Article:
This tale of genius stems back from my days learning how to make shiny lanterns be all shiny on silly actor types. We were the BTEC first group, the scum of the theatre, not even allowed to play with the nobs and slidey bits in the main auditorium. Relegated to the "back studio" for our performances, just to make sure we knew our place. Destined to spend a year feeling like retarded wannabes playing with the shitty equipment that you'd only normally find in a primary school drama club.

We were doing some shit that involved projecting silhouettes onto a shitty cobbled together piece of flat scenery and painting around them, trying to make it look as rubbish as possible, when my friend and comrade Ben, having already eaten his genoa cake ends that he bought from weigh and save, along with his 2 litre bottle of 26p cresta lemonade from sainsburys, he decided that he was still hungry, and thirsty. What better way to satisfy both hunger and thirst than with a cheap tin of soup.

But wait.

How does he cook such a meal with only the most basic of basic theatre equipment?

Well, first you pierce a hole in the top of the tin. No lighting technician worth his salt is ever without a nice sharp hard edge lurking within his penknife. So, hole pierced. Now what? To the average human being, game over. No microwave, no saucepan, no heat source... or was there...

Our hero took the half used roll of Gaffer tape, the tiny desk lamp that was positioned by the shitty travel lighting board and proceeded to become a legend in his own lifetime.
Step one. Tilt light back.
Step two. Tape the can to the light making sure the 40 watt bulb is in direct contact with the can.
Step three. Make sure the setup is stable.
Step four. Plug in and turn on light.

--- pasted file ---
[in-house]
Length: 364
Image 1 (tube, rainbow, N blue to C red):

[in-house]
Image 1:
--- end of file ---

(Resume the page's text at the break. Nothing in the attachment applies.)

Step five. Wait for an hour or until there are bubbling noises coming from can.
Step six. Open can being careful not to burn yourself.
Step seven. Consume soup.

It took ages, but dammit, that S.O.B was eating soup while the rest of us starved.

I fucking love you Ben.
(, Tue 15 Mar 2011, 12:02, 3 replies)
I took
a taxi in Asuncion, Paraguay, that had a back seat made out of an old, threadbare, smelly floral print sofa. It looked like something Hyacinth Bucket would've had. It was attached inside the body of the taxi with large brackets and bolts. There were also holes in the floor big enough to do a Fred Flintstone. The taxi driver had roughly cut four foot holes in the back of the two front seats so you wouldn't lose a foot.

Having said that the road where I was staying was a bodge job too - just dump a few tons of more or less jagged shaped rocks on the road, then steamroller flat every so often.
(, Tue 15 Mar 2011, 11:02, Reply)
This happened about 5 minutes ago ...
backstory [wibble wibble]

After many years of enjoyable travel, the husband and I bought a house and started populating it with furniture, children and a few guinea pigs. One of the most important things to purchase was a mighty bookcase as books are some of our favourite things.

Having a pair of adventurous climbing spronglings, we decided to secure it to the wall with an angle bracket and a well placed screw [fnar fnar]. Unfortunately, the sturdy wood of the bookcase and our cack-handedness resulted in a loosely affixed angle bracket that would probably just give us an audio cue if the one of the kids started to climb it. In the spirit of dodgy DIY everywhere, we looked at each other and thought, Fuck it.

Placement of the mighty and not too firmly attached bookcase was also poor. We left a gap between the bookcase and the nearest adjoining wall.

A gap about big enough for a small child to hide in.